400 Again

My Comments: I’m starting to get a little worried.

Florida has about 1350 miles of coastline. Our elected governor, the one I saw described this morning as a ‘very empty suit’, says he doubts there is any global warming going on. I’m far from being a doomsday fanatic, but to doubt there is something negative going on here is rank stupidity.

I expect human society will adapt. But the speed at which climate changes are happening will make it iffy for many of us. Governor Scott finds it inconvenient for anyone to talk about this but never mind; like me he will be dead and buried before it becomes critical.

And I’m really glad I live in Gainesville, where it’s about 170 feet above sea level. By the time sea levels rise in Jacksonville, to the point where it becomes unliveable, I’ll be long gone. But Im pleased the home we are about to move into will serve as a home for my survivors for years and years to come. Check out this web site: http://geology.com/sea-level-rise/florida.shtml

By Phil Plait

In May 2013, humans reached a new dark record: The daily level of carbon dioxide in the atmosphere, as measured at the Mauna Loa observatory in Hawaii, reached a value of 400 parts per million. That was the highest value recorded in human history.

Of course, you might say, perhaps that was a spike, a fluke, just a fluctuation for that one day. So what?

CO2 reached a new record monthly high in April 2015. Even the new normal isn’t normal. Graph by NOAA.

In April 2015, humans reached a new dark record: The monthly level of CO2 reached the 400 ppm mark. That’s no fluke, no brief spike. Its actually part of a very obvious long trend of an increase in the greenhouse gas in our atmosphere.

This graph shows the carbon dioxide levels over the past few years. The red dots show the actual monthly average measured at Mauna Loa. Note the rise and fall; that’s a seasonal variation. If you correct for that, removing the ups and downs due to the seasons, you get the black line, which more clearly shows what’s going on. That last black dot is April 2015, and it is above 400 ppm.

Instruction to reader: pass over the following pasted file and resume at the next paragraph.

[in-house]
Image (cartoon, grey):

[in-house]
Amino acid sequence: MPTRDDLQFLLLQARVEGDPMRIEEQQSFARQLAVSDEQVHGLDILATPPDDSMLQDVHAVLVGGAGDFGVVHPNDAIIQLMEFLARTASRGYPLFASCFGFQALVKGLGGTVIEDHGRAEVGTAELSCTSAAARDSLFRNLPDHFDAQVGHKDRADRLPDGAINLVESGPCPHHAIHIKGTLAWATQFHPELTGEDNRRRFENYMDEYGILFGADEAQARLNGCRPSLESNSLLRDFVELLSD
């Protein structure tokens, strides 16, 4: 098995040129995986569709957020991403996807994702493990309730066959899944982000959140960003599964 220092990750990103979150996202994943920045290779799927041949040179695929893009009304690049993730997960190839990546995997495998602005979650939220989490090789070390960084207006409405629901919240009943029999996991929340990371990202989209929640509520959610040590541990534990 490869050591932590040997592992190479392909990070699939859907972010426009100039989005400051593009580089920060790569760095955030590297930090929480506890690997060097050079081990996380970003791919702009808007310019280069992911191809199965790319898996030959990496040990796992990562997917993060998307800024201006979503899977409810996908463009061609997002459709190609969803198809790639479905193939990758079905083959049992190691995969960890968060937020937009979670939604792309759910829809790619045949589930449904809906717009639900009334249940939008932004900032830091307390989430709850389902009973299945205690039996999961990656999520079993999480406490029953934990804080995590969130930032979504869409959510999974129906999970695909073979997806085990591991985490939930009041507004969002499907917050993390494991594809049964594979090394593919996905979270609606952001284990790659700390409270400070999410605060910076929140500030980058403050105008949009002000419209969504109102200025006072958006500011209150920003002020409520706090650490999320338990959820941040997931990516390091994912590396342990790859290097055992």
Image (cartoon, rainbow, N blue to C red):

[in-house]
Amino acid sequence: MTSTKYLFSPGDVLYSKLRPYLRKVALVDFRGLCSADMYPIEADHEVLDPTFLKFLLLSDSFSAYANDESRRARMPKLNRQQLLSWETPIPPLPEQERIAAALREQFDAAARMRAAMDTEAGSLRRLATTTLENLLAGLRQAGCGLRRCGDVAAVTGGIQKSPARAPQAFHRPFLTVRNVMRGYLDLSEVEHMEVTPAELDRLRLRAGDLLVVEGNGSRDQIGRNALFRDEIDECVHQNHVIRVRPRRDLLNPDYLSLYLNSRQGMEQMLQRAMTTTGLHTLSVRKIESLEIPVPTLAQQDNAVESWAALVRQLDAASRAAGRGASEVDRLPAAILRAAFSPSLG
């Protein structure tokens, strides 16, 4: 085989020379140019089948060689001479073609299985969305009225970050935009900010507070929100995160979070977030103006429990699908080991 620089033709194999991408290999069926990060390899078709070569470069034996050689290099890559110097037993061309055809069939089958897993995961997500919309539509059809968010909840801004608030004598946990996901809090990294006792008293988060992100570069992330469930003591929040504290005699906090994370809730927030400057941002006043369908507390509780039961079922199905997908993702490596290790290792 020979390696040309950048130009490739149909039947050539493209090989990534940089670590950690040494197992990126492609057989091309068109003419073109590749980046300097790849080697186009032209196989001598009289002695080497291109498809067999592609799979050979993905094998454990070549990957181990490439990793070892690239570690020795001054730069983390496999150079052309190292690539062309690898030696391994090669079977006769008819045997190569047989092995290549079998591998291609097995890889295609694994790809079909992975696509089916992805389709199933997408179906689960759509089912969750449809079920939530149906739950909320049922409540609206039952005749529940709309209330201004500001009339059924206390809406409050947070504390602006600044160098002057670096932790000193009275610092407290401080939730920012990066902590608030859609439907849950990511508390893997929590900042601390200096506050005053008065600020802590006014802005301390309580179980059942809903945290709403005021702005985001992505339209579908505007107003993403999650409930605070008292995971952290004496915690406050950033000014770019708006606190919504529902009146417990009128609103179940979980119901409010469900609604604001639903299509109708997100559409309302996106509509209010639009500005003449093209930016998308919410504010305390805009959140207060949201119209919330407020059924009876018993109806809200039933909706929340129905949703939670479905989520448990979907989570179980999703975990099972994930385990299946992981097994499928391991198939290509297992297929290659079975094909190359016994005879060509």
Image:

As you can see, the trend is up over time; we’re dumping more CO2 in the air. But that goes back only five years. Maybe we’re in an unusual time, and this is a spike, a fluke, just a fluctuation. So what?

Here’s what:

Graph by NOAA / That’s the same graph going back to 1958. This is no fluke. This is inevitability.

Of course there’s also natural variation, and we’ve seen fluctuations in the past from various factors. Even if we admit this is human caused, what’s the big deal?

Here’s the big deal:
Carbon in air This is the same graph going back 800,000 years, and if you don’t see a problem there, then congrats: The Heartland Institute might hire you for its PR.

There are people out there who still will pooh-pooh this, saying carbon dioxide is good for us, and plants love it. Let me be clear: This is the single dumbest thing climate change deniers have ever said, and that’s a deep, deep well of dumbosity.

Carbon dioxide is a greenhouse gas, and the science on this is very basic, as basic as knowing a rock will fall when you drop it from your hand. At first blush 400 ppm may not sound like much, but it means we’re significantly accelerating planetary heating. And warming the Earth doesn’t just mean we’ll be able to grow pineapples in Canada. It means huge changes to global weather patterns, changes we’re already seeing.

Still don’t think this is a big deal? The problem isn’t so much the change, as it is the speed. We’re increasing CO2 so fast that we’re seeing an unprecedented rise in the rate the temperature is increasing. Long ago the Earth saw higher CO2 levels and higher temperatures, but those took tens of thousands of years to occur. The change happening now is a hundred times faster.

There’s simply not enough time for the climate to adapt easily, and that means species of plants and animals can’t adapt either. That’s why this is so important, and so scary.

When you’re scared, it might be tempting to stick your head in the sand. Certainly the GOP politicians in Congress want to do exactly that. But when you bury your head your butt sticks up in the air, and that will be what people see. Pull your head out of the ground and you can look around, assess the problem, and be mobile enough to deal with.

Step one: In November 2016, vote. I am not a single issue voter, but I’m willing to bet this single issue is far more important than whatever distraction the GOP will clamor about over the next 17 months.

And, over that same time period we will dump 60 billion more tons of CO2 into our air, and the temperature will go up that much more while nothing gets done.

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